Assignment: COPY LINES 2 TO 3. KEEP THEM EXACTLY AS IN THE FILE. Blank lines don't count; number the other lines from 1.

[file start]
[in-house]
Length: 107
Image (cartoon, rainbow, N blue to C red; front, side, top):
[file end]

Length: 107
Image (cartoon, rainbow, N blue to C red; front, side, top):